In a nutshell, my past vacations had to be carefully planned in advance for me to make them work. In this instance, unfortunately, I did not have the luxury of prep time. Naturally, the next best thing would be… a staycation.
Downside of Staycation
By far, the main downside is that there's no 10-hour plus flight to yank yourself out of your work environment. This usually does the trick, and I ‘give up’ on thinking about my work, as I know there isn’t much I can do during the flight.
Then, once I land, I am in a completely different environment where I need to behave differently and speak another language. All this helps to keep my mind away from work.
If you choose a staycation, even if you don't go to your office or co-working space, you still have your phone and Wi-Fi, and you are surrounded by familiar views (of your home, neighborhood, etc.)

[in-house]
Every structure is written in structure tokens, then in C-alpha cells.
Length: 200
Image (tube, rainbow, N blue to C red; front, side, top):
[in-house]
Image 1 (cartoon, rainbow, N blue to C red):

This is dangerous, particularly for recovering workaholic entrepreneurs (and potentially for those who might have a touch of Stockholm syndrome for their overly demanding work schedule and environment.)
That's why creating a clear set of rules is absolutely critical for the success of staycation. I had to remind myself of this constantly throughout my staycation, and it still went downhill. Let’s just say that I did my best with these rules.
Out of all that happened, I can say that I am glad to have created these rules. I came up with three to keep it very simple:
1. Create a theme & evaluation questions,
2. Set boundaries,
3. Forgive yourself if you screw up.
Create a Theme
I've covered the topic of why creating themes are more important than creating goals extensively in this post. It's the same idea.